Series: The Winner's Trilogy #2
Published by Bloomsbury on March, 2015
Genres: Fantasy, Medieval
Book Depository | Bookworld | Booktopia
The engagement of Lady Kestrel to Valoriaâ€™s crown prince means one celebration after another. But to Kestrel it means living in a cage of her own making. As the wedding approaches, she aches to tell Arin the truth about her engagement... if she could only trust him. Yet can she even trust herself? Forâ€”unknown to Arinâ€”Kestrel is becoming a skilled practitioner of deceit: an anonymous spy passing information to Herran, and close to uncovering a shocking secret.
As Arin enlists dangerous allies in the struggle to keep his countryâ€™s freedom, he canâ€™t fight the suspicion that Kestrel knows more than she shows. In the end, it might not be a dagger in the dark that cuts him open, but the truth. And when that happens, Kestrel and Arin learn just how much their crimes will cost them.
After a lukewarm reaction to the first book in the series, I had high hopes that The Winnerâ€™s Crime would be something I could warm up to a little more. Comforted by the fact that most readers seem to prefer the second instalment, I wasted no time in picking it up to see where Kestrel and Arin were headed after that enjoyable ending.
Â â€œThere was dishonor, she decided, in accepting someone elseâ€™s idea of honor without question.â€
What can I say? Itâ€™s always tough to review a book that you didnâ€™t enjoy all that much. To put it simply â€“ I was just bored throughout most of The Winnerâ€™s Curse. I didnâ€™t care about the characters or their relationships and the plot was slow. Though the last 50 pages or so picked up and got quite interesting, it wasnâ€™t enough to salvage the book for me.
Kestrel was somewhat interesting in The Winnerâ€™s Crime, if only for her interest in strategy games, but this grew tiresome this time around. Any individuality Kestrel possessed left her and she became the typical girl whoâ€™s torn over a guy she canâ€™t have (despite them having the most rocky and weird connection ever).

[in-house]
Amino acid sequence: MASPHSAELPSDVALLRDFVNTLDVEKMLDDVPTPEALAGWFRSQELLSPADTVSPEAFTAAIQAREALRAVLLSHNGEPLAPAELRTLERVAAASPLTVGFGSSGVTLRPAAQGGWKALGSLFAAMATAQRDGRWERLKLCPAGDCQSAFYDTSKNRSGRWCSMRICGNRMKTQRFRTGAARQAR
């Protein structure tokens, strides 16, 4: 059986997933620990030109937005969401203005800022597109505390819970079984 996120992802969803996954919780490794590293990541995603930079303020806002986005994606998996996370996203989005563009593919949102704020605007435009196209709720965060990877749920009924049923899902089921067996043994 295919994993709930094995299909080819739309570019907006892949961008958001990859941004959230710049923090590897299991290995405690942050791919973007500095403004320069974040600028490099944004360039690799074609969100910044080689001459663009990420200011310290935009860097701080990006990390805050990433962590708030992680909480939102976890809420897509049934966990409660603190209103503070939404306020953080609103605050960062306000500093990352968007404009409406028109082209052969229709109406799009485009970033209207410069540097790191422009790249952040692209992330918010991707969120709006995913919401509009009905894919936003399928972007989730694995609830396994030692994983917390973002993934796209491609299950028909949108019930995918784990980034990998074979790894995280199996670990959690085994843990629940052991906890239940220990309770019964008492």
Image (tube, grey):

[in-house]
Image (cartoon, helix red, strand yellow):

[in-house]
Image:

Â â€œSometimes you think you want something, when what you need is to let it go.â€
Arin â€“oh, where do I begin with him? I just donâ€™t like him. Never have and never will. I canâ€™t for the life of me understand why Kestrel is attracted to him. He is so bland. And when heâ€™s not bland, heâ€™s stupid. Heâ€™s so quick to judge, too. I think one of the reasons behind my dislike of these books so far is Arin as a character, as well as his relationship with Kestrel. Blagh!
As for the ongoing â€˜sagaâ€™ with Kestrelâ€™s â€˜friendsâ€™ Ronan and Jess â€“ I really couldnâ€™t care less. Despite the fact that Kestrel is always shoving down our throats what good friends they all are/were, they didnâ€™t support or know the â€˜realâ€™ Kestrel, so how can I find the demise of their friendship a bad thing?
Â â€œIf you wonâ€™t be my friend, youâ€™ll regret being my enemy.â€
Thereâ€™s quite a good relationship (however small) built between Kestrel and her betrothed Prince Verex. I was holding out my hopes that there might have been a secondary love interest here (sigh), but at least there was some sort of friendship. As for his father, the Emperor, he played a good role of the villain, but his threats grew rather boring after a while.
Arinâ€™s venture in Dacra was an exciting part of the book, despite the narrator. It was great to experience some more worldbuilding from Marie Rutkoski. I enjoy seeing the races and people she creates, as well as how they all interact with one another. I just wish more of a focus would have been on this, instead of Arin bustling around the Capital (pretty much doing nothing) for the majority of the book.
Marie Rutkoski, however, is a fantastic writer in terms of lyrical prose and descriptions. Though sometimes things get a bit to â€˜floweryâ€™ for me, I find that she can set a scene rather well and convey a lot of feeling in the most mundane of things. I only wish I could warm up to her characters more.
Â â€œI donâ€™t mind being a moth. I would probably start eating silk if it meant that I could fly.â€
My irritation with the story in The Winnerâ€™s Curse was that it was way too slow. I canâ€™t even remember how many times I put this book down and didnâ€™t want to pick it up again. Though Kestrel was busying herself by prying secrets loose within the kingdom, the hints and clues we got made no sense and came too few and far between. I had absolutely no idea where talk of the water pumps and bets on her wedding dresses were going. Iâ€™m still scratching my head over the dress part, to be honest.
The ending was like watching a train wreck in slow motion, and despite my boredom with 80% of the book, the ending did have me reading like a madwoman. At this stage, I am unsure if I want to continue with The Winnerâ€™s Trilogy (I was adamant I wasnâ€™t going to before reading the ending) but after seeing how events unfolded in the last chapter or so, I might have to if only to satiate my curiosity.
One thing is for sure, if I do read the final instalment, Iâ€™ll have to go into it knowing that I will never enjoy Arin as a character, nor his relationship with Kestrel.